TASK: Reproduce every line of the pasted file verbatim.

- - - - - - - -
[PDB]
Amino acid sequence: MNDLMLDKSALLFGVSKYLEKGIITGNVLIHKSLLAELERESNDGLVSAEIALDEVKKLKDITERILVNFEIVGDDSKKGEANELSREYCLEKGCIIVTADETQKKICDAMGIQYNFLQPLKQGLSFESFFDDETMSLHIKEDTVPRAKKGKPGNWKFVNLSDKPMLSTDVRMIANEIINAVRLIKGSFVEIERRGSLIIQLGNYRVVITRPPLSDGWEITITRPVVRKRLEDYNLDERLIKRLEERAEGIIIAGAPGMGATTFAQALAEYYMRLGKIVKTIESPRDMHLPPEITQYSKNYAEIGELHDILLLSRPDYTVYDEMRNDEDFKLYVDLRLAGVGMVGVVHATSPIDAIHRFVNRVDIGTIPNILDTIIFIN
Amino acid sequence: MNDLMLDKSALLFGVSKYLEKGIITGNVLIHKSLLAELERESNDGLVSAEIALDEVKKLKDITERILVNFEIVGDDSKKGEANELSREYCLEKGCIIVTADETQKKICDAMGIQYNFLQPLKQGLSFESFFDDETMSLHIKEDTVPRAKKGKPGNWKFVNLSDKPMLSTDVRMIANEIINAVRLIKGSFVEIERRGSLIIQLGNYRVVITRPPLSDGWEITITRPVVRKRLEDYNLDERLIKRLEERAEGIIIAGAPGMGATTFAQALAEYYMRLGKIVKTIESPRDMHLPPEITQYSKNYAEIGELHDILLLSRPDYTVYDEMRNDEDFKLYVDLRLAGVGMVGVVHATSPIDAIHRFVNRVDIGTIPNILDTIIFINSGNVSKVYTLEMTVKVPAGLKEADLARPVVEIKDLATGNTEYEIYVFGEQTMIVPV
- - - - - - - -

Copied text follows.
[PDB]
Amino acid sequence: MNDLMLDKSALLFGVSKYLEKGIITGNVLIHKSLLAELERESNDGLVSAEIALDEVKKLKDITERILVNFEIVGDDSKKGEANELSREYCLEKGCIIVTADETQKKICDAMGIQYNFLQPLKQGLSFESFFDDETMSLHIKEDTVPRAKKGKPGNWKFVNLSDKPMLSTDVRMIANEIINAVRLIKGSFVEIERRGSLIIQLGNYRVVITRPPLSDGWEITITRPVVRKRLEDYNLDERLIKRLEERAEGIIIAGAPGMGATTFAQALAEYYMRLGKIVKTIESPRDMHLPPEITQYSKNYAEIGELHDILLLSRPDYTVYDEMRNDEDFKLYVDLRLAGVGMVGVVHATSPIDAIHRFVNRVDIGTIPNILDTIIFIN
Amino acid sequence: MNDLMLDKSALLFGVSKYLEKGIITGNVLIHKSLLAELERESNDGLVSAEIALDEVKKLKDITERILVNFEIVGDDSKKGEANELSREYCLEKGCIIVTADETQKKICDAMGIQYNFLQPLKQGLSFESFFDDETMSLHIKEDTVPRAKKGKPGNWKFVNLSDKPMLSTDVRMIANEIINAVRLIKGSFVEIERRGSLIIQLGNYRVVITRPPLSDGWEITITRPVVRKRLEDYNLDERLIKRLEERAEGIIIAGAPGMGATTFAQALAEYYMRLGKIVKTIESPRDMHLPPEITQYSKNYAEIGELHDILLLSRPDYTVYDEMRNDEDFKLYVDLRLAGVGMVGVVHATSPIDAIHRFVNRVDIGTIPNILDTIIFINSGNVSKVYTLEMTVKVPAGLKEADLARPVVEIKDLATGNTEYEIYVFGEQTMIVPV